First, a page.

Music, Arts & Culture » Get Out

Central Coast Shakespeare Festival stages an evening of family-friendly summer fun

by

comment

It's a little after 6:30 on a warm August evening. We're pulling into the parking lot on a hill above the Filipponi Ranch property, and we're being warned to watch out for pirates.

"They're everywhere," says the parking attendant.

We drive forward, looking for both the next volunteer directing traffic and for the scurvy sea dogs reputed to be roaming these here parts.

"Is that a pirate?" my younger daughter asks from the back seat.

"No, that's the parking guy," I mutter.

STOWAWAYS My two daughters make themselves at home with their folding chairs and picnic dinner as we wait for the play to begin. - PHOTOS BY ANDREA ROOKS
  • Photos By Andrea Rooks
  • STOWAWAYS My two daughters make themselves at home with their folding chairs and picnic dinner as we wait for the play to begin.

After we safely dock our luxury land yacht (my family's nickname for our minivan), we unload our picnic basket, bags of blankets and coats, and our folding chairs. Keeping a sharp eye out, we walk down the path to the stage and seating area. There's nary a pirate in sight, but we know better than to fully let our guard down.

We hand in our tickets to the landlubbing volunteers and move to the far side of the seating area, the same place we sat last summer. This is the fourth year we've come to the Central Coast Shakespeare Festival's outdoor venue at the Filipponi winery property—an idyllic little valley surrounded by oak trees. We're here to see pirates, of course, in Treasure Island.

It's closing night of the Shakespeare fest, so we missed the offering by the bard, which was Twelfth Night. But it's impossible to go wrong with this summertime troupe of actors, who come to SLO from near and far to perform on the weekends between mid July and early August. My daughters still talk about Much Ado About Nothing and The Importance of Being Earnest from summers past.

THANKS, MATEY! Before the Shakespeare Festival's Treasure Island begins, a swarthy pirate wanders the audience looking for loot. - PHOTOS BY ANDREA ROOKS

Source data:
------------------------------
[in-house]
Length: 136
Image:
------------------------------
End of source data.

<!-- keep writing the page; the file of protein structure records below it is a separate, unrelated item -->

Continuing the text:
• Photos By Andrea Rooks
  • THANKS, MATEY! Before the Shakespeare Festival's Treasure Island begins, a swarthy pirate wanders the audience looking for loot.

We're now sitting down, unpacking our dinner of tortellini with pesto, and checking the length of the line at the beverage stand. There are several Filipponi wines by the bottle or glass available, and my husband buys us a 2017 mourvedre. The sun's just beginning to descend, lengthening the shadows over the stage, where fishing nets strung along the walls remind us we're about to set sail.

I'm happily enjoying my first sips of the wine when we hear a commotion near the front of the stage. A pirate! He's wandering the audience, apparently asking for handouts. One of his shipmates begins working the other side of the audience—it looks like he's scored some empty cups ... and a cellphone? Who would give a pirate their iPhone?

The swarthy fellow comes closer to our seats and is mollified by a man a couple of rows up who offers a tub of broccoli salad to the hungry pirate. He's thrilled and dashes over to his compatriot. We strain to see what they're doing with their loot, and we can just make out a treasure chest yonder. In go the cups, the iPhone, and the rejected side dish. Huh.

The two pirates wander away as a few of their fellow buccaneers start taking the stage. We're delighted from the get-go by playwright Phil Willmott's take on Robert Louis Stevenson's classic—not only is there a passel of lady pirates, but the show is laugh-out-loud funny, featuring a handful of silly sea chanteys and rowdy dance numbers.

TREACHERY Long John Silver (center, in the iconic red coat) convinces Young Jim Hawkins (far left) to trust him, gaining passage to Treasure Island aboard the Hispaniola. - PHOTOS BY ANDREA ROOKS
  • Photos By Andrea Rooks
  • TREACHERY Long John Silver (center, in the iconic red coat) convinces Young Jim Hawkins (far left) to trust him, gaining passage to Treasure Island aboard the Hispaniola.
GOOD GROG Since the stage is set at Filipponi Ranch's property, the SLO winery offers its wines by the glass and the bottle for Shakespeare Festival patrons. - PHOTOS BY ANDREA ROOKS
  • Photos By Andrea Rooks
  • GOOD GROG Since the stage is set at Filipponi Ranch's property, the SLO winery offers its wines by the glass and the bottle for Shakespeare Festival patrons.

Before setting sail, our hero, young Jim Hawkins, uncovers the famed treasure map in a chest belonging to a recently deceased patron of his family's inn. He and two future shipmates marvel at the chest's other contents: the ill-gotten broccoli salad, empty cups, and iPhone. We laugh as we see that Hawkins is savvy enough to know how to take a selfie with the anachronistic treasure.

We sit back and prepare to sail the seven seas aboard the Hispaniola with not only the infamous Long John Silver but with Sadie the Goat, a gregarious character based on a real 19th century female pirate. Thanks to their strength, tenacity, and spirit, the sea wenches win a tug-of-war match against the disparaging and skeptical sea dogs—earning the seafaring ladies a spot aboard the treasure-hunting ship.

By the end of the play, we're cheering as our hero lives to tell the tale of cheese-loving marooned Ben Gunn, the enterprising and fearless Lady Trelawney, and the upright (and uptight) Capt. Smollett. My daughters have been talking about the play ever since, and I have no doubt they'll be keeping an eye out for pirates as we look forward to next year's Shakespeare Festival offerings. Δ

Associate Editor Andrea Rooks is sure she'd be a very seasick pirate. Send buckets and mops to arooks@newtimesslo.com.

Tags

Add a comment